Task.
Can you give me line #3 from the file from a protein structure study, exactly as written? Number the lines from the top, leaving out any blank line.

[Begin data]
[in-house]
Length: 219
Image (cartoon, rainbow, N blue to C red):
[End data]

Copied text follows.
Image (cartoon, rainbow, N blue to C red):